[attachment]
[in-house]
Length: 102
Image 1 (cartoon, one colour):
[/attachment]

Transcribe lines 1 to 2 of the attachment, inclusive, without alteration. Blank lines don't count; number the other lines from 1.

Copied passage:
[in-house]
Length: 102